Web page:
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India rubber plant, also called India Rubber Tree, (species Ficus elastica), large tree in its native Southeast Asia and in other warm areas but a common indoor pot plant elsewhere. It has large, thick, oblong leaves, up to 30 cm (12 inches) long and figlike fruits in pairs along the branches. The milky sap, or latex, was once an important source of an inferior natural rubber. Young plants available in the florist’s trade are durable and grow well under less-than-ideal indoor conditions. Among the cultivated varieties offered are Decora, with broader and darker green leaves, and a few variegated strains, with marbled gray, cream, and white leaves or green leaves with white or yellow margins.

Ficus elastica is the classic Rubber Tree, Rubber Plant or India Rubber Plant. Native to India and Malaysia, elastica is among the oldest plants used as houseplants worldwide. Elastica leaves and stems and even wood 'bleed' white sticky sap when broken or damaged from which rubber can be made. Some people are allergic to this sap when applied to the skin. Like most ficus, Ficus elastica is a large tree, growing to 40-50 feet tall and even wider on its spreading branches held up by aerial roots which become multiple trunks. Many authors refer to growth habit as "widely sprawling." A very close relative of Ficus benjamina, Ficus elastica tree is invasive and likely a poor choice for your South Florida landscape. It has all of the same negatives as Ficus benjamina, as well as shedding large, coarse leaves daily, choking any and all undergrowth. The sun is unable to penetrate the soil below elastica. Still, elastica is an attractive large tree in wide open spaces.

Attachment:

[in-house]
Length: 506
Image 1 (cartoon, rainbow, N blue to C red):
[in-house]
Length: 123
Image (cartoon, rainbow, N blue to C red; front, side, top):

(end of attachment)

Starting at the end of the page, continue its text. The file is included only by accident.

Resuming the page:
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Rubber is a coherent elastic solid obtained from latex of a number of tropical trees of which Hevea brasiliensis is the most important. Rubber is used for a variety of purposes from erasing pencil marks to manufacturing of tyres, tubes and a large number of industrial products. The first rubber plantations in India were set up in 1895 on the hill slopes of Kerala. However, rubber cultivation on a commercial scale was introduced in 1902. Dry spell and low temperatures are harmful. Daily rainfall followed by strong sun is very useful. Deep well drained loamy soils on the hill slopes at elevation ranging from 300 to 450 metres above sea level provide best conditions for its growth. The yields decline at higher elevations and no rubber plantations are found above 700 m

elevation. Dry spell and low temperatures are harmful. Daily rainfall followed by strong sun is very useful. Deep well drained loamy soils on the hill slopes at elevation ranging from 300 to 450 metres above sea level provide best conditions for its growth. The yields decline at higher elevations and no rubber plantations are found above 700 m elevation.